||July/August 2006 issue||
Canadian moose introduced into New Zealand survived for decades,
then disappeared. One man’s obsessive search has now turned up
proof they are still out there.
Excerpt of story by Kennedy Warne
New Zealand’s moose story has its beginnings in the snows of Alberta and Saskatchewan. In the winter of
1909, acting on a request from the New Zealand government, the Canadian government authorized
the capture of 17 moose calves, which were transported to what is now Elk Island National
Park, east of Edmonton, and reared on cow’s milk and willow brush. Ten of them — six
females and four males — were shipped to New Zealand for release into one of the wildest,
wettest, most remote parts of the country: Fiordland, a million hectares of glacier-carved,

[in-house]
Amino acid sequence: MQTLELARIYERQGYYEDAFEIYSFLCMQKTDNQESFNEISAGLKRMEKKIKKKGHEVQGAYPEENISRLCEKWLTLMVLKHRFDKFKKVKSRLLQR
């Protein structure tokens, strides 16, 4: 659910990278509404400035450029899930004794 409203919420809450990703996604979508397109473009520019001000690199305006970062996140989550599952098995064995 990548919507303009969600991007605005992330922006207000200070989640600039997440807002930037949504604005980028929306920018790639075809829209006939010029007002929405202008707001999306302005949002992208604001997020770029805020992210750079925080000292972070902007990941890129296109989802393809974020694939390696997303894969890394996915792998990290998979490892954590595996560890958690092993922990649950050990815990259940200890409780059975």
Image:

By the time they were released on April 6, 1910, the calves were about 10 months old and
as tame as pets. When they viewed the mountainous terrain and dense forest at the head of
Dusky Sound, and perhaps felt the bite of Fiordland’s hordes of sandflies, liberty
seemed to lose its appeal. Several calves "returned to their crates, until we upended
them," wrote one member of the release party. The reluctant animals eventually made
their way into the forests and out of sight, to form what is believed to be the only wild
moose population outside the species’ natural range in North America’s northern
forests, from Alaska to Newfoundland and Labrador.
This was actually the second attempt to establish a moose herd in New Zealand. The first happened
a few hundred kilometres north of Fiordland in 1900. Four animals were released (10 had died
during a storm on the voyage from Canada to New Zealand), and only one semi-tame cow survived.
This hapless beast was occasionally spotted wandering, "Northern Exposure"-like,
through the streets of the local settlement for the next 14 years.
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